Is that real? It’s one of the most frequent questions I hear when I guide visitors through our museum, and admittedly, I stumble. Yes, sometimes it is the real thing, in rock, bone, fur or flesh. But often what you see on display is a replica of an actual specimen, or an amalgam of real bits along with creative layers of plaster and paint—embellishments from a less discerning era in museum curation. Even today, we unfortunately don’t identify these distinctions clearly to visitors, in favor of “making it look good.”
So, what’s the difference between a replica and the real thing? The answer seems pretty straightforward if you deal with one-of-a-kind specimens, like at a museum: there’s an original object; and then there are facsimiles—copies—made from silicone or latex molds or, these days, 3D prints from digital scans (see video, above). Sometimes copies are made for exhibit, or for research exchanges. Or, if the original specimen is too fragile (or unwieldy), high precision replicas are preferred for measurements or side-by-side comparisons.
By making copies, museums function in the same way as a library. Though this analogy falls apart if you consider the increasing rate that books are being sold and process digitally. What happens when an entire book—its cover, binding, marginalia and type—gets digitized and made searchable? What’s a physical book then, other than a doorstop? While the searchable digitized book can be a useful tool, happily, the real thing still does matter: to researchers following the historical trail of a book’s age, owner or reader; or just as a work of art. Ask an antiquarian book seller. As a consequence, there’s a need for places like libraries or the Smithsonian, to archive and protect the real deal.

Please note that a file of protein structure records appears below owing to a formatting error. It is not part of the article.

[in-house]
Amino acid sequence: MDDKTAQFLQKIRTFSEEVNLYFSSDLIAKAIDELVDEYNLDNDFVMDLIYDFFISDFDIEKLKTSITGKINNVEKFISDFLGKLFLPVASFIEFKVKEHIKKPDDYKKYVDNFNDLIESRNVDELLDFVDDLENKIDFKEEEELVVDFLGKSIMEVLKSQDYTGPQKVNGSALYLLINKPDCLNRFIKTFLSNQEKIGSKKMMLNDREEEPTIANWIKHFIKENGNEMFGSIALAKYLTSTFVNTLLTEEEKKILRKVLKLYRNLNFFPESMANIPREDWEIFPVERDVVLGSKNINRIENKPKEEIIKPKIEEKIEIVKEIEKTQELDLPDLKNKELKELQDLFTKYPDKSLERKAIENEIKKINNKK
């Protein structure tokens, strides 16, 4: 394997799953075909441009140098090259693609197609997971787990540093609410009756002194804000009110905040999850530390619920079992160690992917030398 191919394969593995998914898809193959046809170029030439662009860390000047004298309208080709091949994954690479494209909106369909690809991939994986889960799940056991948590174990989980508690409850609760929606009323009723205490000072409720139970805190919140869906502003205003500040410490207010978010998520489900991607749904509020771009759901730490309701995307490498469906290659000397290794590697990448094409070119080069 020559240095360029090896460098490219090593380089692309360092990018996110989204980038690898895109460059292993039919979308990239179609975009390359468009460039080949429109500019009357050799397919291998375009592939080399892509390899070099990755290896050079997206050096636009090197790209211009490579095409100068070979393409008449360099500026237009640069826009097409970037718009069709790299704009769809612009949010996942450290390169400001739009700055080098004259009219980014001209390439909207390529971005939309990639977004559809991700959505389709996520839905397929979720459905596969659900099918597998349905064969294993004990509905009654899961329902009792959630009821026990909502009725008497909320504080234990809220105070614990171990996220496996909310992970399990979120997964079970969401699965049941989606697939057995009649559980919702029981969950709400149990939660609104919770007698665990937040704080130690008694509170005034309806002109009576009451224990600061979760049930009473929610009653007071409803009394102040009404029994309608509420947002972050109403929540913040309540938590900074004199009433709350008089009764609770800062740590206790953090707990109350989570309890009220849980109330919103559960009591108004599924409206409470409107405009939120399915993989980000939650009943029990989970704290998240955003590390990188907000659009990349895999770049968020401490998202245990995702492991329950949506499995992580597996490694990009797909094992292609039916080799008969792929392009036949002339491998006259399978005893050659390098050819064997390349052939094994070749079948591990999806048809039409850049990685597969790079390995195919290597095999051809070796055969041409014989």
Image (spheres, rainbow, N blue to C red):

Lately, making digital copies of museum specimens has become a process far more sophisticated than taking high-resolution photographs. And like digital books, these replicas become extremely useful tools. Bits and bytes are more easily accessible to researchers than specimens looked away in isolated museums. Here at the Natural History Museum, we can supplement traditional 2D methods with CT scanning, 3D surface scans, and we can archive bits of molecular code. We’re in the first stages of building digital avatars of specimens: the digital versions of their DNA, voices, surfaces and innards. And we can even bring the technology into the field, which opens new doors into saving, studying and archiving one-time collecting events.
So keep your eyes peeled. The next time you see something from the Smithsonian, it might be better than the real thing.
Nicholas Pyenson is a curator of fossil marine mammals at the Natural History Museum and records his fieldwork and other activities at Pyenson Lab. He studies the paleobiology of marine mammals with an interest in evolutionary comparisons. This is his first in a series of posts that he will be contributing to Around the Mall.